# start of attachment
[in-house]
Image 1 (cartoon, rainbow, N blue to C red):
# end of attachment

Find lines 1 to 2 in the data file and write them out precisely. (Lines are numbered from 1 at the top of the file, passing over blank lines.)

[in-house]
Image 1 (cartoon, rainbow, N blue to C red):